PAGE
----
"Overthrow" is a strong word for talking about the dissolution of a famously inept and lost minority government...
It's also worth pointing out that the government in question only had what - 133 votes or so? It wasn't as if it was a strong government that was forced out of power - it was a weak government that simply couldn't survive.
Wałęsa huddled with his Soldiarirty mates, ex-PZPR types, right-wing Catholics, Polish nationalists, Jewish agnostics from KOR and peasant activists and conspired in a backroom to overthrow the government.
Sounds like to me that a broad selection of Polish society was against a weak and unpopular minority government.
The situation was frankly ridiculous then. The two biggest parties (Mazowiecki's Freedom Union and Kwasniewski's SLD) were openly against the government, the Sejm was forcing Olszewski to stay as Prime Minister against his will - all in all, it was a deeply unpopular and weak government.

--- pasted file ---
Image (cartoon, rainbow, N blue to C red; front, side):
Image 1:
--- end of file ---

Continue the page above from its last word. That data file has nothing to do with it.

There's a good article here that sums it all up nicely - countrystudies.us/poland/68.htm
The outgoing government launched unprecedented personal attacks on Walesa, accusing him of presiding over the recommunization of Poland.
Just found this cracking little statement.
Although Olszewski was a PC member, with his Premiership and fight with Wałęsa engineered by the party leader, Kaczyński, in practice, the party had little influence over him and frequently criticized and distanced itself from the government
As I've said before, Kaczyński was playing all sorts of games then. He pretends to be a huge supporter of Olszewski's government, but in reality, he wasn't. If he genuinely was supported by Kaczyński, then he wouldn't have left PC (Centre Agreement) after the fall of his government.